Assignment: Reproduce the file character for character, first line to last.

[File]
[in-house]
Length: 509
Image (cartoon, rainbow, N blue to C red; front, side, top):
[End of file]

[in-house]
Length: 509
Image (cartoon, rainbow, N blue to C red; front, side, top):